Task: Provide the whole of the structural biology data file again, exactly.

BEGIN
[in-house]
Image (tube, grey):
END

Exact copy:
[in-house]
Image (tube, grey):